Journal of the American Academy of Psychiatry and the Law.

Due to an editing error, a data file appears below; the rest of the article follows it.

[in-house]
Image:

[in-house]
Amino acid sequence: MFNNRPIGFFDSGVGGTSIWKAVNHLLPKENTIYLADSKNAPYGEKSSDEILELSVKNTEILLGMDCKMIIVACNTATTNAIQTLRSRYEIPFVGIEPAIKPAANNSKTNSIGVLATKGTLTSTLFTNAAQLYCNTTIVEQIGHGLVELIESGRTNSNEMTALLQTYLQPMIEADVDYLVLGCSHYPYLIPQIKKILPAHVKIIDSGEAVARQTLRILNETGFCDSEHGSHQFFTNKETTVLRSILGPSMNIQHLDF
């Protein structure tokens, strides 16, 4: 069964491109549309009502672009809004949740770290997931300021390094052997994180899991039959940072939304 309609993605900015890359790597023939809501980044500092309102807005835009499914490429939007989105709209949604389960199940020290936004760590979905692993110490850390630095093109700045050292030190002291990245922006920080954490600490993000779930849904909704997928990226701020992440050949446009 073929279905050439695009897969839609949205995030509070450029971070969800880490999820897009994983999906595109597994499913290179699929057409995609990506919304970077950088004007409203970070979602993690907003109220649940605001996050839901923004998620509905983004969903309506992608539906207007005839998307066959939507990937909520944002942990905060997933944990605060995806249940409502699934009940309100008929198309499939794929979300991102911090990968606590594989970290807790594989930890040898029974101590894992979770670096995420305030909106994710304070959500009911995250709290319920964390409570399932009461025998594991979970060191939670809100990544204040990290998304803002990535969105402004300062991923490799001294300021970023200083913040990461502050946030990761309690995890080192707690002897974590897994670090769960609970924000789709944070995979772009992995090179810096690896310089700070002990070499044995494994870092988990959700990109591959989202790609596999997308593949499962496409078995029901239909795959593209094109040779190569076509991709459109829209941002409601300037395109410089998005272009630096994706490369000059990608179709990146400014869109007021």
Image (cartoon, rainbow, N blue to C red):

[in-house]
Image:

Legal and social service systems rarely acknowledge the status of men as fathers in the conceptualization and delivery of interventions for intimate partner violence (IPV). Large percentages of men who are arrested and mandated to intervention programs for IPV are fathers who continue to live with or have consistent contact with their young children despite aggression and substance use. There are currently no evidence-based treatments that address co-morbid substance abuse and domestic violence perpetration with emphasis on paternal parenting for fathers. This article will describe the components of a new intervention, Fathers for Change, which addresses the co-morbidity of substance abuse, domestic violence, and poor parenting in fathers of young children. Fathers for Change is unique in its focus on the paternal role throughout treatment. A case example and initial feasibility of the intervention will be described to provide an understanding of the key ingredients and the gap this intervention could fill in the field once tested in efficacy trials. (Author abstract)
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